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West Virginia Veterans Memorial

West Virginia Veterans Memorial


Nelson Newman

"The [year] 1918 has gone: a year momentous as the termination of the most cruel war in the annals of the human race; a year which marked, the end at least for a time, of man's destruction of man; unfortunately a year in which developed a most fatal infectious disease causing the death of hundreds of thousands of human beings. Medical science for four and one-half years devoted itself to putting men on the firing line and keeping them there. Now it must turn with its whole might to combating the greatest enemy of all: infectious disease. . . ."

Journal of the American Medical Association (28 December 1918)

Nelson Newman was born on January 30, 1898, in Barbour County, West Virginia, to Stephen and Lillie Collins Newman. Nelson was not named at the time of his birth, but the date of birth and Newman being a common name of African Americans in Barbour County at the time, the entry in the birth registry most likely identifies the child as Nelson. His mother, according to the registry, had given birth to three other children. Stephen Newman was listed as a farmer in the birth registry.

The 1910 Federal Census taker found the family living in the Philippi District of Barbour County, but it seems the record is garbled with some note-taking across the names and mistakes in identifying relationship roles. The census says that eight-year-old Elizabeth is the head of the household, but it seems more likely that she's a daughter of Stephen and Lillie. Living in the household were Mr. and Mrs. Newman, daughter Elizabeth, and her six- year-old sibling, whose name is written in cursive and not readable, and son Nelson, aged two. The census says further that Lillie was the mother of four living children, but the fourth is not named.

On June 5, 1917, Nelson Newman's name appears on a military registration card. His age reflected on the card was 22 years old, but he was more likely 19. He was working as a coal miner for Humphreys Coal Company in Philippi. He identified his parents, one sister, and two brothers as his dependents. He was single. In 1918, he was a private in Company K, 77th Infantry in Camp Custer, Michigan, near Battle Creek. Camp Custer was comprised of 16,000 acres, and 100,000 troops were trained there and deployed from there.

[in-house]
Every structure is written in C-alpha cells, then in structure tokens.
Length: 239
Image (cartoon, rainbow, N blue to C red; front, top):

No record was found that describes Nelson Newman's life thereafter, except that he died on October 11, 1918, at Camp Custer, Michigan, of pneumonia.

The flu hit Camp Custer on September 29, 1918. The next day, 557 cases were reported, and the day after that, 804. On average there were 50 new cases per hour reported at the camp in the early days, with the first deaths occurring on October 2.

By October 4, 5,000 were ill. By October 9, pneumonia was also setting in.

Rules were put in place to stem the spread, but not always observed. An article in the online edition of the Battle Creek Enquirer ("Coronavirus: Lessons of the 1918 Flu Pandemic That Claimed 674 Soldiers at Camp Custer," 21 March 2020) states:

"The importance of taking precautionary measures was exemplified by the 78th Infantry regiment," said a story in the October 3, 1918, edition of Trench and Camp, a weekly published by the Battle Creek Enquirer. "As of Monday (Sept 30), the average number of cases ‘per regiment' has been 38. In the 78th infantry, three companies failed to observe the rule which requires that mess kits be boiled for ten minutes and then dried without using cloths. In this regiment the number of men afflicted with respiratory diseases was 669.

On October 11, the day that Nelson Newman died, 90 deaths were reported in 24 hours at Camp Custer.

Less than a month later, on November 7, the quarantine ended, and the flu was essentially gone. The Battle Creek Enquirer article continues:

According to military records, 674 of the 39,965 troops at Camp Custer lost their lives in the pandemic. A total of 10,728 influenza and 2,374 pneumonia cases were diagnosed, with an influenza mortality rate of 6.2% and a pneumonia mortality rate of 28.4%.

Nelson Newman's remains were returned to Barbour County. He is interred in Welch Cemetery in Barbour County, West Virginia.
The gravestone for Nelson Newman in Welch Cemetery is off its base and deteriorating. Courtesy Cynthia Mullens

The gravestone for Nelson Newman in Welch Cemetery is off its base and deteriorating. Courtesy Cynthia Mullens

Article prepared by Cynthia Mullens
September 2020


Nelson Newman

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